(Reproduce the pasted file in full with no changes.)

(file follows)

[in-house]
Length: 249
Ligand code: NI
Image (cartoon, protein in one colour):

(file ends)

[in-house]
Length: 249
Ligand code: NI
Image (cartoon, protein in one colour):